Demand for e-learning has encouraged a number of educational institutions to digitalise their courses and provide students with online applications, for example. The International Language and Business Centre (ILBC), a leading local private school, uses video-conferencing to teach several classes simultaneously from different cities and facilitate more interactions between students. It also provides online platforms so parents can monitor their children’s performance. Similarly, the Monastic Education Development Group, which provides basic education to poor children in rural areas, has collaborated with Norwegian mobile communications provider Telenor to provide video-conferencing facilities to technical classrooms in selected monastic schools. 360ed, an education- and technology-based social enterprise located at the NASA Research Park in Silicon Valley, has started distributing augmented-reality teaching tools for first grade English and 10th grade biology and chemistry classes in Myanmar. Lastly, in an effort to boost science, technology, engineering and maths (STEM ) education, Hour-of-Code, a global movement that teaches computer programming to children, was introduced in January 2018 at Myanmar’s largest school by the Myanmar STEM Education Association.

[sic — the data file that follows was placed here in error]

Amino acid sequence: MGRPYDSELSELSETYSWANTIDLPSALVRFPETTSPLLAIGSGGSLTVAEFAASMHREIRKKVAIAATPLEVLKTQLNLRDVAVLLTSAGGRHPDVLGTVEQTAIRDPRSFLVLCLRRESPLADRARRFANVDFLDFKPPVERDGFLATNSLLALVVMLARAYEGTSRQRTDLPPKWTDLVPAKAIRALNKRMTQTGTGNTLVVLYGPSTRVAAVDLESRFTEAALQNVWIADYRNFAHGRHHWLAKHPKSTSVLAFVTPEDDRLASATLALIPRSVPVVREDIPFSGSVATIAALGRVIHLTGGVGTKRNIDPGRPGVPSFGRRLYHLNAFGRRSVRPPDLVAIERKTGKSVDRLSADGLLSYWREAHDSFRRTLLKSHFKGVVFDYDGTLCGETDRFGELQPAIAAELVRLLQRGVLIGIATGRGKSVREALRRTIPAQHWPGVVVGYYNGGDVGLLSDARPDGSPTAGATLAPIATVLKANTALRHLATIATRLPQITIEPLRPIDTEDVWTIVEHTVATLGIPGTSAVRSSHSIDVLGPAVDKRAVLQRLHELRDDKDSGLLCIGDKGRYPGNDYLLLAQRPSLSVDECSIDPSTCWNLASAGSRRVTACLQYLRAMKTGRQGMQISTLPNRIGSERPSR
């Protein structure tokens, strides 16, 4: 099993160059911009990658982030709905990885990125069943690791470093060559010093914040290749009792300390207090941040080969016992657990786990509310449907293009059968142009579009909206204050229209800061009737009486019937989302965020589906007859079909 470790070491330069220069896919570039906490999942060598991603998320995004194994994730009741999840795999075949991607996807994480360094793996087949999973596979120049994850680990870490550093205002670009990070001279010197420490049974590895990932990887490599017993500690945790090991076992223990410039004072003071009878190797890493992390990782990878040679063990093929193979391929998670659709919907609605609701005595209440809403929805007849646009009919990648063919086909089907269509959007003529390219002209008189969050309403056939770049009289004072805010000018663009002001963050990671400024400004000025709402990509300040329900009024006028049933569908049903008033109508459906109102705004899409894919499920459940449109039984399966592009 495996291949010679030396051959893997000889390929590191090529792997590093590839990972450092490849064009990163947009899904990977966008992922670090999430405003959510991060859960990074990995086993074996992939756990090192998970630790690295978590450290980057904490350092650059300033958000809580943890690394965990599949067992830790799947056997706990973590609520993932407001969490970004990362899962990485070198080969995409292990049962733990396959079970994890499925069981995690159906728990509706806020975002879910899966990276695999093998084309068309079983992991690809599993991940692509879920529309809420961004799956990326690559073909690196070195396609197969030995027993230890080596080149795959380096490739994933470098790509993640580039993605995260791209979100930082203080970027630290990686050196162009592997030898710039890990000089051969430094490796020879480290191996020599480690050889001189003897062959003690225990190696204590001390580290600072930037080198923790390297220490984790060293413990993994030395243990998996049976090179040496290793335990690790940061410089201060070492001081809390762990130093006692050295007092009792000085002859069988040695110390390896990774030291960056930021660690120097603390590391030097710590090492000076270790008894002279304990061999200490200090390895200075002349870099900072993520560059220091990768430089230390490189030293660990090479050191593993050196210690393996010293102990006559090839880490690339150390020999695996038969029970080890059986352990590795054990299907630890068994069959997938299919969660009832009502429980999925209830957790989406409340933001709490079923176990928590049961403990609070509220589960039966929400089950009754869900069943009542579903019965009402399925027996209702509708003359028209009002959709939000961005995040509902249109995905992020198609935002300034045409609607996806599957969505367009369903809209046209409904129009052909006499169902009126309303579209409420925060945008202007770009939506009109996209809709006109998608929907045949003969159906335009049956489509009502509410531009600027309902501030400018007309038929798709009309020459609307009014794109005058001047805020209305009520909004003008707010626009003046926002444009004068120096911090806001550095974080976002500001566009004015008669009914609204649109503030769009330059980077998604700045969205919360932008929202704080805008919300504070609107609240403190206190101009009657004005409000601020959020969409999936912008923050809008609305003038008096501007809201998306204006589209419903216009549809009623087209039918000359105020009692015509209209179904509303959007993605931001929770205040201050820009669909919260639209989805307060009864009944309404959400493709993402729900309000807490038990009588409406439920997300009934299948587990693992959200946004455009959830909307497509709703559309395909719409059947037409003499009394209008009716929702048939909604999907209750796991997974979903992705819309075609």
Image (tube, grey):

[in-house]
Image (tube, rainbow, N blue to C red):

Boosting teaching quantity and quality is a major focus of the NESP. To enhance the skills of educators and technical specialists, the current two-year diploma requirement will be upgraded to a full, four-year degree programme starting in December 2018. The programme will be spearheaded by the MoE, which expects to have upgraded all education colleges in Myanmar by 2021. From January to May 2018 the MoE, in partnership with the JICA CREATE Programme, trained 250,000 second grade teachers from private, government and monastic schools. This followed an initiative carried out between September and December 2017, in which some 1000 teachers received 13 special education training sessions from the Myanmar Special Education Association, in collaboration with the MSWRR and the UK’s University of Wolverhampton, to better support pupils with intellectual disabilities.